Eventually a neighbor called the cops, and a police cruiser drove up the street. The officer directed his spotlight on us. We did not stop singing, and I did not stop playing the accordion. Wikipedia explains that intertia is the resistance of a physical object to a change in its state of motion; inertia applies to playing the accordion on a roof. I was committed to it is what I am trying to convey. I remember the officer stood there motionless for several moments, as if evaluating the course of his life that had brought him to this particular circumstance. Eventually he used his car-mounted loudspeaker to say, firmly and slowly,

PUT. THE ACCORDION. DOWN.

I did: not because I had lost inertia or enthusiasm, but because this struck me as so very funny at the time that I doubled over in laughter, dropped the accordion, and rolled off the low, sloped roof into a patch of cacti in my friend's yard. My friend's mother was well before her time with respect to sustainable, drought-resistant landscaping.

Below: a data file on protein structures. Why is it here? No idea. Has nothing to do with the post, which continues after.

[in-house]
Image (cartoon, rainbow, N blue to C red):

The police offer turned off his spotlight, climbed slowly into his car, and drove away. He had accomplished his mission — the neighbors were no longer bothered by someone on a roof playing the accordion — and no further exercise of law enforcement power was warranted.

It took a while for my friend to find me; he was somewhat confused when I abruptly vanished from view on the roof, and for a brief moment he was not certain whether I had fled or possibly been arrested. Eventually, though, he helped me into his kitchen. I was wearing corduroy pants. The cactus needles had driven many durable corduroy threads into my leg, and we sat in the dim light of the kitchen, me in my underwear, picking threads out of my leg, each leaving a disappointing trickle of blood and a puff of corduroy fuzz. This sounds more traumatic that it was; bear in mind that it was the 1980s.

In the years since, I have thought about the police officer. I'm pretty sure he's the same one who used to ticket my late mother occasionally as she veered down Descanso Drive, engine racing in second gear, bringing home take-out to an impatient family. These days, I would likely be arrested, or at least put in the back of the police car for a while. There are formalities to respect and care to be taken and safety to be enforced and there might be an inquiry or a lawsuit if a police officer doesn't fully investigate in such circumstances. But back then, the officer was content to stop the noise, and having stopped it, drive away into a cool evening scented of skunk and honeysuckle.

I have not played the accordion again, although I am not ruling it out.